Once the resin cures, you can pull it from the mold and tweak it a bit. Scrap off raw edges with an exact-o knife or dremel, drill eye holes (they go above the big eyeball, and right under the brow in the corner) and sand the entire mask to prep it for painting.
So here's a picture of my spray-painted resin mask, after casting it, sanding it, taking the dremel to it, making small repairs with glue gun, getting the eye-holes drilled - woot.
The claws were made just like the mask! From right to left, we have a little pink silicone mold of a sculpted claw, then some raw resin claws, some sanded claws, and finally the final painted ones. I didn't do a mothermold for these guys because they were so light and tiny and the silicone so thick.
Step 6: Paint
So after sanding down your resin mask (and claws) and making any and all repairs, spray paint it silvery-grey. A few coats are a good idea.Paint the eyes white, and using red, yellow and white, mix up some light cream and pink colours to use for the teeth. You can mix some silver and black together and paint along edges to really pull out shadows.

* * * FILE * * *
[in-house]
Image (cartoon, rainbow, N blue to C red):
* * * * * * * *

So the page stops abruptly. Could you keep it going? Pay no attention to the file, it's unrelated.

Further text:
Don't forget to paint your claws! Black acrylic paint should do the trick.
Here you can see my final mask, all painted and ready to go! I see (not very well) out of small slits above the big off-white eyes. Some of the teeth are "sculpted hot glue" as I dremelled bits of them away when I was trying to remove the huge hunk of resin at the back of the mouth.
Step 7: Bunny Suit
Take your sewing pattern and fur, and sew up a bunny suit! For mine, (using the Simplicity pattern) I didn't do the booties and I made the gloves-and-sleeve one piece. I made the gloves by tracing an outline of my hand and adding seam allowance. Do a couple of mock-ups if you go this route - sewing gloves like this can be a bit tricky. You could sew a glove the "proper" way, but I don't think Frank would have bought a pattern and fussed over gussets, so 'trace-a-hand' works just as well! After I had my hand pattern, I joined it with the suit pattern, and cut out the glove/sleeve in one piece, with the palms left open. The palm pads were made out of grey silk (I needed something shiny, and thought it looked better than a grey or black vinyl. I'm not sure what they used in the movie but I tried to get fabric that resembled Frank's suit palms.)